VETERAN industryman James Goodman says there are basic solutions to running racing and, he believes, a clean-up of significant proportions will be best begun by getting rid of the National Horseracing Authority (NHA).
Goodman, speaking on his popular Winning Ways show on YouTube last Friday, came out in support of Mary Oppenheimer Daughters (MOD), in their quest to take racing from zero to new heights, and made pointed suggestions.
First and foremost, opined Goodman, the National Horseracing Authority (NHA), is a burden to racing and should be abolished for its inefficiency.
• The NHA should be a regulatory body;
• The NHA should have a rubber-stamping function;
• The NHA should not be running the Stud Book;
• The NHA should not be running race days;
• The NHA should have stipendiary stewards, who police racing;
• The NHA’s controversial lab should be closed and outsourced for its exorbitant costs and for the way it is being run.
Next, Goodman focused on Tellytrack, the dedicated racing channel, and recommended:
-An entire overhaul of management, staff, focus, production values;
-Servicing of the punter;
-Servicing of the industry with real news and real views, not the watered down, censored version we have grown to dislike so much;
-Including of interactive games and magazine shows in open times, plenty can be sourced with rights, on the internet.
The Race Day itself is a vital aspect, and here, Goodman said a good place to start will be to cut the times between races.
“Efficient management will be needed to get everyone on time, from horses being saddled,
to jockeys weighing out to the canter down and the start itself, it can be done.
“The race day procedures should be snappy and efficient, not cumbersome, because punters get bored.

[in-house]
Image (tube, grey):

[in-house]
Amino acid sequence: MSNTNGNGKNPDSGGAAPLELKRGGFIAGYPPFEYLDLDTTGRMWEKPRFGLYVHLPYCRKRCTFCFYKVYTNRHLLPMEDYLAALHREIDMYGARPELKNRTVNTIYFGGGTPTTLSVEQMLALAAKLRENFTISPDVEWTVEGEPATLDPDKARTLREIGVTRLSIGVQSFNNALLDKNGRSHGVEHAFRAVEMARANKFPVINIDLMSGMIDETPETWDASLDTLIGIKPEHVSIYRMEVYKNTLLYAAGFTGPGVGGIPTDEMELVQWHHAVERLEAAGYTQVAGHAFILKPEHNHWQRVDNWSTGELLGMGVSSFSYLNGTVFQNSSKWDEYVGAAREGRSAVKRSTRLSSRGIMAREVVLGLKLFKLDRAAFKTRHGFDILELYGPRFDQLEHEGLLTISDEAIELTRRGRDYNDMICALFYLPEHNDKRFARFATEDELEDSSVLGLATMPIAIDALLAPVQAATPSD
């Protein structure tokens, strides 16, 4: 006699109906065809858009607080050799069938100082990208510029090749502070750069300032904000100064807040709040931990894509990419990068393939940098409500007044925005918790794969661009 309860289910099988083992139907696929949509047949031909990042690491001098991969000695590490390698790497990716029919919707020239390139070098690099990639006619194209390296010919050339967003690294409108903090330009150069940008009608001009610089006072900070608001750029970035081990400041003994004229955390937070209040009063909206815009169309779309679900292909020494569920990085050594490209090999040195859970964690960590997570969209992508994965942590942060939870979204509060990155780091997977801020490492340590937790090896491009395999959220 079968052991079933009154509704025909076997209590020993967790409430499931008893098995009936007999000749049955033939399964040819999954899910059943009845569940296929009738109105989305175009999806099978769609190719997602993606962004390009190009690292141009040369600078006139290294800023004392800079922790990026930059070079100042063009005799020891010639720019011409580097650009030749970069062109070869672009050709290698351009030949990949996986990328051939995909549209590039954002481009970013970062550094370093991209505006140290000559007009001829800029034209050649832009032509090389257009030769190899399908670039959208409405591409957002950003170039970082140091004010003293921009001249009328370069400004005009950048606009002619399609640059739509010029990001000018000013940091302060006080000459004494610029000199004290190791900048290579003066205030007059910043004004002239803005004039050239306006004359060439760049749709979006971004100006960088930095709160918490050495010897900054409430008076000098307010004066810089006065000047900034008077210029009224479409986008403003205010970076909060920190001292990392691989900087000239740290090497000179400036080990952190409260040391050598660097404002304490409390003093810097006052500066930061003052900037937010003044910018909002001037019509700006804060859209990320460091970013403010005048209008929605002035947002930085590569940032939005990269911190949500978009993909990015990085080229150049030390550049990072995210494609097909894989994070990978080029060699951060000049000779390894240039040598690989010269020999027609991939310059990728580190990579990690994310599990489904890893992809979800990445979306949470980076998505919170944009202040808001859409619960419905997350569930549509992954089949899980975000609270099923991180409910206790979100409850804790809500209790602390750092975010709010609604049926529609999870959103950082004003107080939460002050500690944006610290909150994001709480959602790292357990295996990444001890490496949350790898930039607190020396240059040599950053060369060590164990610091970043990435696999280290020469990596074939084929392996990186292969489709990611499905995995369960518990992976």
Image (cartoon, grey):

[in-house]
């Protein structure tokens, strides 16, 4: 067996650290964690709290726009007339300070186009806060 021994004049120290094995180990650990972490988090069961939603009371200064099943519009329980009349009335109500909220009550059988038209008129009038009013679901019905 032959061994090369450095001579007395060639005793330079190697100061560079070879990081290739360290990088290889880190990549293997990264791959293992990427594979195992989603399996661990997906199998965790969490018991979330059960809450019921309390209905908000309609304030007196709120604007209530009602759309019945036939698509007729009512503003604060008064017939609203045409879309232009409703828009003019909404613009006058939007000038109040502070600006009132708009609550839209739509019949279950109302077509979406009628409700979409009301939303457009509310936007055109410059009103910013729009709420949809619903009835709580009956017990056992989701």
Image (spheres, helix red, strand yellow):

“We should be attracting people to the race days, that goes without saying. We’ve been hearing about the young—young people this and young people that, influencers and social media. That is fine, the youngsters have some very good ideas, but the older folk have ideas too. There should be engagement and alignment between them.
“Racing should be marketed vigorously once all the target areas have been identified. I believe, for example, that there are plenty of pensioners, business executives, retired people and so on, who havetime and money on their hands and if the offering is right, if it is attractive to them, they will support racing.
“Gold Circle Friday night promotions got people to the track, to name one thing that worked, by and large. With some out of the box thinking we can get people back, I’ve raced in small towns in the Midwest of the US where they attract thousands of people, who want to be involved, who like to be there because it is fin and they enjoy themselves.
“The Betting Bouquet is another important aspect. We need to keep things as simple as possible. Clients drift off to casinos because we’ve created a mishmash of bets which, in my view, have taken the charm and allure out of racing.”
Also of extreme importance is transparency and trust in management and officials:
“This can be done by encouraging management and staff to perform, and it is done via performance bonuses and monitoring performances closely.
Packages should be small, with performance bonuses built in, from the CEO down!”
Goodman discussed the Open Bet and said: “This is the single most derogatory product for racing in South Africa. It should’ve been nipped in the bud, but we now have another opportunity to talk to those who lay Open Bets, in cordial discussions I believe agreements can be reached whereby everyone can benefit and more money comes back into racing.
“Lastly, bookmakers who are operating with no licences should be closed down immediately, they are the biggest perpetrators of taking money from the industry and not putting any back.”
Goodman said that he hoped that the new race company would be engaging with those who can bring value to the sport and concluded: “It’s all simple, really, a simple application of good principles will see racing flourish, succeed and survive!”